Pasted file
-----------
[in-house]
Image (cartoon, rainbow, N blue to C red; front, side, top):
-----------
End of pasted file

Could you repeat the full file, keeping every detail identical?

[in-house]
Image (cartoon, rainbow, N blue to C red; front, side, top):